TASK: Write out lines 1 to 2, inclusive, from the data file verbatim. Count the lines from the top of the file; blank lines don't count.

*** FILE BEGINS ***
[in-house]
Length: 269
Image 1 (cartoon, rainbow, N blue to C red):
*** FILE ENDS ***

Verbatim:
[in-house]
Length: 269